Jay Obernolte of Big Bear Lake, has carved out an effective role in bolstering transparency in and accountability for countless billions of dollars in tax and bond measures that local governments either place on the ballot or issue themselves. By Dan Walters

Tuesday, May 5, 2020

For most of us, the reality of growing older means that medical issues will likely become a more common concern. By Ryan Onishi
A not-for-profit hospital in Berkeley is scheduled to be closed because it would not be cost effective to retrofit the facility to meet required seismic standards. By Sophie Hahn

State officials estimate that fighting the pandemic will cost about $7 billion, most of which will likely be reimbursed by the federal government, albeit with borrowed money. By Dan Walters

On May 1, I joined thousands of tenants across the country in the rent strike movement, turning our economic reality into a political act. By Patricia Mendoza

Monday, May 4, 2020

Eight years ago, former President Barack Obama issued an executive order, the Deferred Action for Childhood Arrivals program known as DACA, that gave more than 700,000 undocumented immigrants brought to the United States as children, like myself, a chance to pursue the American dream.
When California legislators, decades ago, gave governors the power to declare emergencies and quickly deal with them, they probably had in mind sudden events such as earthquakes, wildfires or perhaps riots.
For more than a decade, the State Water Contractors have heavily invested in scientific research to learn more about the Bay-Delta ecosystem and the endangered species that call it home.
The shutdown of the American economy from COVID-19 has resulted in crushing losses to business owners across the nation. Insureds are now looking to business interruption insurance as a potential source of economic relief. 

Friday, May 1, 2020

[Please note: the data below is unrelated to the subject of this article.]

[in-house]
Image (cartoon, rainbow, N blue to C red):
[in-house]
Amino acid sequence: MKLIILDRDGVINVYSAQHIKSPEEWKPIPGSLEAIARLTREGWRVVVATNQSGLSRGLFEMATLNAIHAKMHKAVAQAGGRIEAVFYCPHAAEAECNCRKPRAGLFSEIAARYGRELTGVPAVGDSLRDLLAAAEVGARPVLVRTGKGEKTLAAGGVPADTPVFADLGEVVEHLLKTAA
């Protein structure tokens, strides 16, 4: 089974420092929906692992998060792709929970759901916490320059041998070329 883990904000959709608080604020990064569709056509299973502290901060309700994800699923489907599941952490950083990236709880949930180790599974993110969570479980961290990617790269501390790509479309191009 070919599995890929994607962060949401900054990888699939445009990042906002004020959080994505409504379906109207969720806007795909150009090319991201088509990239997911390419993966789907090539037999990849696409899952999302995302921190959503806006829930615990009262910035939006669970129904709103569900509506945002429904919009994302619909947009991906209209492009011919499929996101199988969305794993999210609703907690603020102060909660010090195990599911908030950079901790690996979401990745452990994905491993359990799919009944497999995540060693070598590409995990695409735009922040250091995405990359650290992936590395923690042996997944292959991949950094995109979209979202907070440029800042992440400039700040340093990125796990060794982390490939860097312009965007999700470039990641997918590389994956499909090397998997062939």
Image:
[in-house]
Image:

There is little doubt that the COVID-19 restrictions in place now have caused major disruptions in our daily life and have had negative economic impacts on California families, especially the working poor. But consider how much worse it would be if we in California hadn't moved quickly to "flatten the curve."
Multifamily investments have always seemed like — and have been — a safe haven for investment dollars. Is this changing?

Thursday, April 30, 2020

Angelenos are collectively amazed with our new coastal vistas — Catalina Island to the south and Point Dume to the north. My friends in Northern California report that they can even see the Point Reyes Peninsula from San Francisco's coastline.
The semi-shutdown of California's social, economic and institutional life, that was ordered to arrest the deadly COVID-19 pandemic, seems to be working — albeit at immense cost.
Wells Fargo is no stranger to scandals, both old and new. It has been accused of numerous instances of misconduct, including setting up millions of bogus accounts and imposing unnecessary collateral protection insurance on unsuspecting car loan applicants.
Pay disparities are more than a numbers game. Equitable wages help parents feed their children and pay the rent. Or, what a timely notion: build a reserve for emergencies.

Wednesday, April 29, 2020

The economic impact of the coronavirus pandemic has been devastating, and California must continue to act decisively to help mitigate the damage.
If there is anything worse than an emergency room crowded with sick COVID-19 patients, it's an emergency room crowded with doctors, nurses and essential hospital staff too sick to care for them.